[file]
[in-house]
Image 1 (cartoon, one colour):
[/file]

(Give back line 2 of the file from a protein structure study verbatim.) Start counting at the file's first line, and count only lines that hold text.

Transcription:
Image 1 (cartoon, one colour):